Gen Ed course leads to healthy epiphanies
“This class will change your life!” That’s what students hear, packed into Mahar Auditorium for the start of Microbiology 160 The Biology of Cancer and AIDS.
Assistant Professor Wilmore Webley ’00G, ’03PhD, who teaches the popular General Education course, knows that enrollees are here to fulfill a biological sciences requirement so he exposes them to the intricate disease mechanisms and broader individual, social, and global implications of these two major scourges.
He also asks them to report if they are regular or casual smokers. With an enrollment that’s 75 percent freshmen, he finds that between 15 and 20 percent have smoked for about two to three years.
Toward the end of the first quarter, Webley delivers two lectures on smoking and lung cancer, touching on carcinogens in tobacco smoke, how cigarettes are manufactured—with their needless four thousand-plus chemicals, including cyanide and ammonia—and how the tobacco industry gets consumers hooked.
He also brings in smokers and workers in cessation programs, shows YouTube videos of patients with tracheotomies still desperately smoking and of a shocking demonstration of the tar that enters smokers’ lungs. A few weeks later, Webley asks who’s quit. In a recent class, 27 of 47 smokers had stopped and eight were trying. Routinely, nonsmokers vow they “won’t ever” light up.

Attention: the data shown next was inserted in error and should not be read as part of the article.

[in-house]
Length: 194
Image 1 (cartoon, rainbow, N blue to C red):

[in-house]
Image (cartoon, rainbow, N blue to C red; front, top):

Webley now holds a quit smoking group Monday evenings in his office. Students share struggles and discuss strategies to meet their goal and prevent lapses. A University Health Services staffer provides expert help; students needing more support get referrals to other groups.
In 2008, Webley received a Distinguished Teaching Award but his real reward is this: students are avoiding or reducing risks. Two or three years after taking MICROBIO 160, his former students still email him to say they’ve truly kicked the habit (some have even quit drinking too). “That’s life-changing for any professor,” he says.